Thomas is questioning Comcast’s level of service and says the hundreds of responses he’s received shows it’s a community-wide problem.
“We keep reducing channels and the rates keeps going up,” he said. “They should be providing a lot better customer service than they are, and their rates need to be questioned.”
Within hours of Thursday’s televised City Council meeting, the city’s 311 customer response line was getting calls well past the 6 p.m. cut-off for a live operator. City officials announced at the meeting they wanted citizens to call them about problems.
“We received so many calls it filled up the inbox (of the voice mail),” said Bret Bell, the city’s director of public information.
The city has expanded the voice mail capacity to handle the higher call volume. Bell estimated by Friday the city had received more than 100 calls.
Comcast’s area vice president, Mike Daves, is trying to respond rapidly, too. He’s called the aldermen to assure them his company is dedicated to customer service, and Monday, he worked with City Manager Rochelle Small-Toney’s office to set up a meeting.
“We want to get this taken care of,” he said. “There are always challenges with customer service, but there’s no reason for a customer to be unhappy with what they’re paying for.”
Under a franchise agreement between the city and Comcast, the cable company has to meet certain conditions to access city rights-of-way to install and maintain its cable lines and other infrastructure. A change in state law in 2007 lessened the degree of oversight local governments have over a cable provider. Even with those changes, however, local municipalities, including Savannah, are allowed to monitor basic customer service response for cable television.
That gives the city enough authority to ask Comcast officials to meet with city administrators to discuss consumer complaints.
Thomas wants more than a promise of better service from Comcast.
He wants to encourage new providers.
“Comcast has had their shot,” he said. “There’s no reason they should be the only game in town.”
The 2007 legislative changes that limit a city’s oversight also made it easier for multiple providers to enter a market. AT&T and Hargray also have secured statewide franchises that would allow them to provide cable in Savannah.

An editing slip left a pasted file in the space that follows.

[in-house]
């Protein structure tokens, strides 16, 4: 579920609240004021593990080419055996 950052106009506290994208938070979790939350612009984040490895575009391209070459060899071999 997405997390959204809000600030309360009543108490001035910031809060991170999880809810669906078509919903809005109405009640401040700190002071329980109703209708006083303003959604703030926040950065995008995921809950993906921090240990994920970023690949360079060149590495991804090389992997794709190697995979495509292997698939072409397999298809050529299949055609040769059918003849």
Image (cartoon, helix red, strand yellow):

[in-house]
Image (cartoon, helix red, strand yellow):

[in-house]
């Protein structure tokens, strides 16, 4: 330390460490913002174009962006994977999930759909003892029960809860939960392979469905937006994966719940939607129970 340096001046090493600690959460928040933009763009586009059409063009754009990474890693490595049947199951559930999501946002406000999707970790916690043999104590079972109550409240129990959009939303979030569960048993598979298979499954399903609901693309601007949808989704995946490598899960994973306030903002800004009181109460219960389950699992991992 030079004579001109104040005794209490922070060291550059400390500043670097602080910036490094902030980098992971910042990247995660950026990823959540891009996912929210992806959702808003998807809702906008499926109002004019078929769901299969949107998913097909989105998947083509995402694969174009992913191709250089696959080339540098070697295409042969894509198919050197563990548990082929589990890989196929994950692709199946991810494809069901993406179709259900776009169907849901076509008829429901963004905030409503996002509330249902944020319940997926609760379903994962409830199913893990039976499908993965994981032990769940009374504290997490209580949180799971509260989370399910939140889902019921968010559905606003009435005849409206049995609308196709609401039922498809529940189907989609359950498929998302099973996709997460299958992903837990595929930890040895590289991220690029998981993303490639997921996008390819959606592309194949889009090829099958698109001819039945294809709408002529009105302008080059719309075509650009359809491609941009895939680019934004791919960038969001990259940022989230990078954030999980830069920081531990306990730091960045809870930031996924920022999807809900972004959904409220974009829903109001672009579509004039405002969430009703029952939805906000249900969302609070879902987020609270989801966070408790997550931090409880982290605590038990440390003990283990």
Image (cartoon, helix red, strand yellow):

Although competition is possible, city officials noted that even in the largest cities overlaps in service are rare.
Thomas wants additional cable competition because satellite services aren’t an option for many residents. Some homeowner’s associations ban free-standing dishes, some apartment complexes won’t install a dish at every apartment and at some homes, tree canopies block the signal.
Embree Marie McDaniel has been so upset about her service, she dialed 311 within seconds of hearing the city wanted feedback. Her premium movie channels often scramble in the middle of shows, she said. She’s also had problems with remotes and modems failing, only to be told she has to bring them to Comcast’s service station or pay a fee for a technician’s visit. That’s a problem because she’s disabled and doesn’t drive.
“If something goes wrong with a box, they should not be charging me to fix their box,” she said. “As many Comcast cars as they have running around here, they should be able to drop off a box that works.”
Marie Clementi is a Comcast customer in Richmond Hill. She’s been so upset by the lack of service she’s working on complaint letters to the Federal Communications Commission, the Better Business Bureau and a bad evaluation for Angie’s List, the website that rates contractors and businesses.
Clementi routinely finds charges on her bill for services she didn’t get, and when her cable and Internet went out around Thanksgiving, it took more than a week of constant phone calls to get a technician, she said.
“Every time it would get close to the appointment, they would cancel,” she said. “I would call and call, and the people at the 800 number would say they have no control over the technicians.
“It’s not a good company,” she said. “If I didn’t have teenagers, I would get rid of it.”
Daves says Comcast is offering $20 credits or three months of free premium channels for missed appointments or other problems, and has narrowed its promised response time to two hours.